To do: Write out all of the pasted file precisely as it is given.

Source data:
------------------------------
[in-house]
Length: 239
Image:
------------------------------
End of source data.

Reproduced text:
[in-house]
Length: 239
Image: